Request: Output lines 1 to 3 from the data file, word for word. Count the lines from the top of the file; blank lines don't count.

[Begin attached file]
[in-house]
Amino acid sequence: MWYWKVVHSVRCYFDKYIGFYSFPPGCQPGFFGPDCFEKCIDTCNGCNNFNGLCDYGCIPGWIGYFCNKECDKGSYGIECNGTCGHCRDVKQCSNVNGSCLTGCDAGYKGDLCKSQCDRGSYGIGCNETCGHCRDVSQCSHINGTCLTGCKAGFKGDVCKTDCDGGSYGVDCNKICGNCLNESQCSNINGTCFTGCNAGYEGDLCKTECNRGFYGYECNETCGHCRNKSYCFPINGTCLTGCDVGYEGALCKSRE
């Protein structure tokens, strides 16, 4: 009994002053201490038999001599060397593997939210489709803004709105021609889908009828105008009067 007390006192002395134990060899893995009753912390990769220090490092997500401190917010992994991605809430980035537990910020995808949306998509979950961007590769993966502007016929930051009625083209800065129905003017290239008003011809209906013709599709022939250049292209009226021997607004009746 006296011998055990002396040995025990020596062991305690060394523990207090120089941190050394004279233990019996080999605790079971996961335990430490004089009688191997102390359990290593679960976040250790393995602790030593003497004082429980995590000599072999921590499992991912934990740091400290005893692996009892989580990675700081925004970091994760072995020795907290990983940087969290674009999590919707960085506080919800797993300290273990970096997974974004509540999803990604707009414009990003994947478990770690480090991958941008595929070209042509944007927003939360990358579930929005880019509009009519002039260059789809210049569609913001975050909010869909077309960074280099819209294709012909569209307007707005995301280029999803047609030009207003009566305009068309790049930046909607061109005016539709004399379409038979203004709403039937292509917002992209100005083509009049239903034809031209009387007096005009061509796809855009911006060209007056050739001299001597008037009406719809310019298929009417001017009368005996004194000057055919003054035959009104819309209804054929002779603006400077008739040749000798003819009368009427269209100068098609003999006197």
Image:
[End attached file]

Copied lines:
[in-house]
Amino acid sequence: MWYWKVVHSVRCYFDKYIGFYSFPPGCQPGFFGPDCFEKCIDTCNGCNNFNGLCDYGCIPGWIGYFCNKECDKGSYGIECNGTCGHCRDVKQCSNVNGSCLTGCDAGYKGDLCKSQCDRGSYGIGCNETCGHCRDVSQCSHINGTCLTGCKAGFKGDVCKTDCDGGSYGVDCNKICGNCLNESQCSNINGTCFTGCNAGYEGDLCKTECNRGFYGYECNETCGHCRNKSYCFPINGTCLTGCDVGYEGALCKSRE
């Protein structure tokens, strides 16, 4: 009994002053201490038999001599060397593997939210489709803004709105021609889908009828105008009067 007390006192002395134990060899893995009753912390990769220090490092997500401190917010992994991605809430980035537990910020995808949306998509979950961007590769993966502007016929930051009625083209800065129905003017290239008003011809209906013709599709022939250049292209009226021997607004009746 006296011998055990002396040995025990020596062991305690060394523990207090120089941190050394004279233990019996080999605790079971996961335990430490004089009688191997102390359990290593679960976040250790393995602790030593003497004082429980995590000599072999921590499992991912934990740091400290005893692996009892989580990675700081925004970091994760072995020795907290990983940087969290674009999590919707960085506080919800797993300290273990970096997974974004509540999803990604707009414009990003994947478990770690480090991958941008595929070209042509944007927003939360990358579930929005880019509009009519002039260059789809210049569609913001975050909010869909077309960074280099819209294709012909569209307007707005995301280029999803047609030009207003009566305009068309790049930046909607061109005016539709004399379409038979203004709403039937292509917002992209100005083509009049239903034809031209009387007096005009061509796809855009911006060209007056050739001299001597008037009406719809310019298929009417001017009368005996004194000057055919003054035959009104819309209804054929002779603006400077008739040749000798003819009368009427269209100068098609003999006197």